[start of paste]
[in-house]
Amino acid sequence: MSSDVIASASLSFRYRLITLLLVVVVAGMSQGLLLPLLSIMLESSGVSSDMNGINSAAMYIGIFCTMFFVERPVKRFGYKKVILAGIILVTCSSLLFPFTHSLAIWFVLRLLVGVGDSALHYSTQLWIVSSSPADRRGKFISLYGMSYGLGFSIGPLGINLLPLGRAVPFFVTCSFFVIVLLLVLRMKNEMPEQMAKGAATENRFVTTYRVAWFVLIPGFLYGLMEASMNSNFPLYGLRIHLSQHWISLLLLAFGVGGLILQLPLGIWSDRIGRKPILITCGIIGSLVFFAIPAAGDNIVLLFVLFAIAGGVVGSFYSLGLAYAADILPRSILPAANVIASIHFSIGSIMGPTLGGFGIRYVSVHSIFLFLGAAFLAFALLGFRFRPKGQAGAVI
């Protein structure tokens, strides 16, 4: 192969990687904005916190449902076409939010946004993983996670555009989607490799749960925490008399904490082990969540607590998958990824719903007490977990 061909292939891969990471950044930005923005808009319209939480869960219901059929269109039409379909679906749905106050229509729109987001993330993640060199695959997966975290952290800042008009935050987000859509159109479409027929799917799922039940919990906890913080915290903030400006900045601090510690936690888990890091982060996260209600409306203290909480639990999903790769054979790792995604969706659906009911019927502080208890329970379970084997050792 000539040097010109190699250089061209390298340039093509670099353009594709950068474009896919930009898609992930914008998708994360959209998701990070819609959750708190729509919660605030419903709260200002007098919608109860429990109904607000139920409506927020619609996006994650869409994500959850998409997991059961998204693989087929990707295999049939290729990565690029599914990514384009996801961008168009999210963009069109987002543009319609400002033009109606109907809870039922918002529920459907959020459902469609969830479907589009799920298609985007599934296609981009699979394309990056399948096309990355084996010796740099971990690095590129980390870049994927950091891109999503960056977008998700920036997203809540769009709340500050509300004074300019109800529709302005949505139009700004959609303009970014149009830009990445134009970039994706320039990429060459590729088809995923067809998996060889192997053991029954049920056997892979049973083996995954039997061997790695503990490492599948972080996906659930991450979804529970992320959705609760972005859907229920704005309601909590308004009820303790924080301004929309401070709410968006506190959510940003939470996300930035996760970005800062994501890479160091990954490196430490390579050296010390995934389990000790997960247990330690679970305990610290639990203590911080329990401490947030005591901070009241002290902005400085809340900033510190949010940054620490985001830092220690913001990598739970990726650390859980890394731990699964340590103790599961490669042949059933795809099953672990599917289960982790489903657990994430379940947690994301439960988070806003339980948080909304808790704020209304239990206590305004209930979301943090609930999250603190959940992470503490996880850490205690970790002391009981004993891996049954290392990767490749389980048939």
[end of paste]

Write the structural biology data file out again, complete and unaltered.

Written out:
[in-house]
Amino acid sequence: MSSDVIASASLSFRYRLITLLLVVVVAGMSQGLLLPLLSIMLESSGVSSDMNGINSAAMYIGIFCTMFFVERPVKRFGYKKVILAGIILVTCSSLLFPFTHSLAIWFVLRLLVGVGDSALHYSTQLWIVSSSPADRRGKFISLYGMSYGLGFSIGPLGINLLPLGRAVPFFVTCSFFVIVLLLVLRMKNEMPEQMAKGAATENRFVTTYRVAWFVLIPGFLYGLMEASMNSNFPLYGLRIHLSQHWISLLLLAFGVGGLILQLPLGIWSDRIGRKPILITCGIIGSLVFFAIPAAGDNIVLLFVLFAIAGGVVGSFYSLGLAYAADILPRSILPAANVIASIHFSIGSIMGPTLGGFGIRYVSVHSIFLFLGAAFLAFALLGFRFRPKGQAGAVI
């Protein structure tokens, strides 16, 4: 192969990687904005916190449902076409939010946004993983996670555009989607490799749960925490008399904490082990969540607590998958990824719903007490977990 061909292939891969990471950044930005923005808009319209939480869960219901059929269109039409379909679906749905106050229509729109987001993330993640060199695959997966975290952290800042008009935050987000859509159109479409027929799917799922039940919990906890913080915290903030400006900045601090510690936690888990890091982060996260209600409306203290909480639990999903790769054979790792995604969706659906009911019927502080208890329970379970084997050792 000539040097010109190699250089061209390298340039093509670099353009594709950068474009896919930009898609992930914008998708994360959209998701990070819609959750708190729509919660605030419903709260200002007098919608109860429990109904607000139920409506927020619609996006994650869409994500959850998409997991059961998204693989087929990707295999049939290729990565690029599914990514384009996801961008168009999210963009069109987002543009319609400002033009109606109907809870039922918002529920459907959020459902469609969830479907589009799920298609985007599934296609981009699979394309990056399948096309990355084996010796740099971990690095590129980390870049994927950091891109999503960056977008998700920036997203809540769009709340500050509300004074300019109800529709302005949505139009700004959609303009970014149009830009990445134009970039994706320039990429060459590729088809995923067809998996060889192997053991029954049920056997892979049973083996995954039997061997790695503990490492599948972080996906659930991450979804529970992320959705609760972005859907229920704005309601909590308004009820303790924080301004929309401070709410968006506190959510940003939470996300930035996760970005800062994501890479160091990954490196430490390579050296010390995934389990000790997960247990330690679970305990610290639990203590911080329990401490947030005591901070009241002290902005400085809340900033510190949010940054620490985001830092220690913001990598739970990726650390859980890394731990699964340590103790599961490669042949059933795809099953672990599917289960982790489903657990994430379940947690994301439960988070806003339980948080909304808790704020209304239990206590305004209930979301943090609930999250603190959940992470503490996880850490205690970790002391009981004993891996049954290392990767490749389980048939």